Do you know Maangchi? I think she’s awesome and I do have her cookbook :slight_smile:

And now I can’t wait for saturday evening. I’m going to eat Korean then at the Korean restaurant with a bunch of people I don’t know yet. Very scary as I’m an introvert but I can’t wait for the food :joy:

And not Korean but I love Japanese curry. Every once in a while I make a huge pan of it and the left overs I freeze for later use.


Tried it myself on three different occasions and it didn’t work. No matter how long and hard I battered them, my tteok were never chewy, but quite mushy. I think I was using the wrong rice flour. It’s supposed to be glutinous flour and I only have access to the regular one :disappointed:

However, I have (relatively) successfully made kalguksu (knife-cut noodles). Amazingly simple to make and satisfy my cravings for noodles every single time :smiley:

She is my alpha and omega! Her videos are so good and often very simple, hence doable. Looking at different recipes for the same dish adds to the variations you can do and makes you relax about making the food, to the point where you don’t necessarily follow the strict recipe anymore and make your own choices.

I’ve noticed that jeon (small fried pancakes) with veggies and seafood are a good intro into Korean food, particularly for the sceptics :wink:


I quite disliked it the first time I had it too (but I made it with the wrong ingredients and I wasn’t a fan of zuurkool either haha). But I’ve grown to like it.

Yes, I know maangchi. It’s here gochujang that I’ve made :wink: I like to combine her recipes with some other bloggers, to make food that suit my preferences.

Oh good luck (fellow introvert here)! I don’t know which restaurant you are going to, but I hope it’s delicious :blush: I’ve been to a few here and there and still have some I want to go to.

Haha, I’m glad you talked about Japanese curry. Before I came into contact with K-dramas, I was a major anime fan and anime food is a realm of it’s own! Curry was definitely in my top 5 foods to try and when I realized how simple it was to make (roux + stock + ingredients), I made it and love it ever since. (Have yet to perfect okonomiyaki).

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Ah! Maangchi has a great recipe for that, which I also kinda follow. You need short grain rice, soak it, freeze it, grind it to flour (I have a powerblender) and then use it to make the tteok. I’ve read people’s experiments with making tteok and saw that using a kitchen mixer (like a kitchen aid) would help make it chewy, I put it in for around 20 to 30 minutes :slight_smile:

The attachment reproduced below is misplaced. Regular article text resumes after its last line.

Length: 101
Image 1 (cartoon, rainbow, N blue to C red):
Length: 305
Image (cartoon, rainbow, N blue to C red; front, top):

:grin: Awesome! What have you used them for?


Thanks so far I’ve only been to Kimchi Boulevard in my city and Meishi in Utrecht. Korean restaurants in Korea remain the best of course :slight_smile:

And yes same here. I started with manga/anime/Jpop then went to Jdrama and then when I was bored I watched Goong and well we all know what happened :wink:

Going to Japan next spring and I cannot wait to try all different kinds of Japanese dishes I haven’t tried yet.


I absolutely loved Kimchi Family and admired the variety of kimchis!!! I want to try the spring onion kimchi and would like to know how Lotus Kimchi tastes. - All the traditional healthy food got me always so hungry when I watched the series :ramen: I only ate Korean food - meat barbecue and soup in NYC and I regret I didn’t buy Soju in Korea town :frowning: I have done several times the cabbage kimchi with daikon, onion spring and carrots… the first time I used the recipe from maangchi :slight_smile: just google the word.
In another drama they used big green leaves, I wonder if they were squash leaves or sunflower leaves…


Oh I haven’t been there yet. I’m more familiar with the ones in Den Haag / Rotterdam / Amsterdam :smile:

Jelly! That’s on my list too and wanted to go in the spring as well, but had to postpone that plan.

@simi11 Me too!

Do you maybe have a photo? I know people eat squash / pumpkin leaves. I’ve also have sweet potato leaves and those were absolutely delicious! One of my other favorite leaves are perilla / kaetnip leaves. I planted some this spring, but they didn’t get as big as I hoped… but the kimchi I made with it was great :blush: